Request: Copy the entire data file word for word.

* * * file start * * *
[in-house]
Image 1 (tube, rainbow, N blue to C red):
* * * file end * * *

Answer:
[in-house]
Image 1 (tube, rainbow, N blue to C red):